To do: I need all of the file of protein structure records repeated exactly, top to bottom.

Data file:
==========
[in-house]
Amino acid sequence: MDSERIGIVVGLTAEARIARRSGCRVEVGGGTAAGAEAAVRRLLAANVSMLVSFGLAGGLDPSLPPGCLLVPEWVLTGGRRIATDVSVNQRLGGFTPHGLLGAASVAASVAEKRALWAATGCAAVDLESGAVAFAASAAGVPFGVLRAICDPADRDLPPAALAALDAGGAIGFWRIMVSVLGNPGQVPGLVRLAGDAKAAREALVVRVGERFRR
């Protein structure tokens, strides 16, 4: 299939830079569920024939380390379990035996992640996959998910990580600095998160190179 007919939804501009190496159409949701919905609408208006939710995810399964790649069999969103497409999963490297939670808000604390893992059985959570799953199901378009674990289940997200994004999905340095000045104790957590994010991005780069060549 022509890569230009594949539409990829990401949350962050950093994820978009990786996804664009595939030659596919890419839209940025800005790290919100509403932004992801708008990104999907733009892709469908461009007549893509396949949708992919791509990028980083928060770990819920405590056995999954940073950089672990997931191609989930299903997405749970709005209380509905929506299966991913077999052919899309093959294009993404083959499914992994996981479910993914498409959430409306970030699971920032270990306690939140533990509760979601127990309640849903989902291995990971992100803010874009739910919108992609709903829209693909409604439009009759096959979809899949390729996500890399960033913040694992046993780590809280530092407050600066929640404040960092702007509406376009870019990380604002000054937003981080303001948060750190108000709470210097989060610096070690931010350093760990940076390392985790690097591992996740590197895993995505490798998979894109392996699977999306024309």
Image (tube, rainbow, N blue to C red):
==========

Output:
[in-house]
Amino acid sequence: MDSERIGIVVGLTAEARIARRSGCRVEVGGGTAAGAEAAVRRLLAANVSMLVSFGLAGGLDPSLPPGCLLVPEWVLTGGRRIATDVSVNQRLGGFTPHGLLGAASVAASVAEKRALWAATGCAAVDLESGAVAFAASAAGVPFGVLRAICDPADRDLPPAALAALDAGGAIGFWRIMVSVLGNPGQVPGLVRLAGDAKAAREALVVRVGERFRR
């Protein structure tokens, strides 16, 4: 299939830079569920024939380390379990035996992640996959998910990580600095998160190179 007919939804501009190496159409949701919905609408208006939710995810399964790649069999969103497409999963490297939670808000604390893992059985959570799953199901378009674990289940997200994004999905340095000045104790957590994010991005780069060549 022509890569230009594949539409990829990401949350962050950093994820978009990786996804664009595939030659596919890419839209940025800005790290919100509403932004992801708008990104999907733009892709469908461009007549893509396949949708992919791509990028980083928060770990819920405590056995999954940073950089672990997931191609989930299903997405749970709005209380509905929506299966991913077999052919899309093959294009993404083959499914992994996981479910993914498409959430409306970030699971920032270990306690939140533990509760979601127990309640849903989902291995990971992100803010874009739910919108992609709903829209693909409604439009009759096959979809899949390729996500890399960033913040694992046993780590809280530092407050600066929640404040960092702007509406376009870019990380604002000054937003981080303001948060750190108000709470210097989060610096070690931010350093760990940076390392985790690097591992996740590197895993995505490798998979894109392996699977999306024309």
Image (tube, rainbow, N blue to C red):